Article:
What is the relationship between persons and things? And how does the body transform this relationship? In this highly original new book, Roberto Esposito - one of Italy s leading political philosophers - considers these questions and shows that starting from the body, rather than from the thing or the person, can help us to reconsider the status of both. Ever since its beginnings, our civilization has been based on a strict, unequivocal distinction between persons and things, founded on the instrumental domination of persons over things. This opposition arose out of ancient Roman law and persisted throughout modernity, to take its place in our current global market, where it continues to generate growing contradictions. Although the distinction seems to appear clear and necessary to us, what we are continually witnessing in legal, economic, and technological practice is a reversal of perspectives: some categories of persons are becoming assimilated with things, while some types of things are taking on a personal profile. With his customary rigour, Roberto Esposito argues that there exists an escape route out of this paradox, constituted by a new point of view founded in the body.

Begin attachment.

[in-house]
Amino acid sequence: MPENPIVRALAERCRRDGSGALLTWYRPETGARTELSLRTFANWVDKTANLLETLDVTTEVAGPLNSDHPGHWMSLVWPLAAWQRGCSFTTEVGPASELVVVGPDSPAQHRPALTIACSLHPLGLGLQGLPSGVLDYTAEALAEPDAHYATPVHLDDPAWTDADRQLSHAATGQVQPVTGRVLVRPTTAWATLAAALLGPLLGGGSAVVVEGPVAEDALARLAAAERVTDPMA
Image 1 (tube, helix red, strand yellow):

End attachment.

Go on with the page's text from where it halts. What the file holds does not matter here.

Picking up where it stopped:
Neither a person nor a thing, the human body becomes the decisive element in rethinking the concepts and values that govern our philosophical, legal, and political lexicons.
Publisher: Polity Press
Number of pages: 144
Weight: 260 g
Dimensions: 198 x 124 x 19 mm
Continuing his elaboration of the dispositive of person first set out in Third Person, philosopher Roberto Esposito turns his attention in this new book to the often troubled relation between human being and thing. The result is not only a wondrous reading of the semantics of the person and thing. but also an invitation to consider ?the living body? of multitudes as a possible response. Working across the fields of political philosophy and law, Persons and Things offers the reader dazzling perspectives on person as thing and thing as person. This, quite simply, is a brilliant book. Timothy Campbell, Cornell University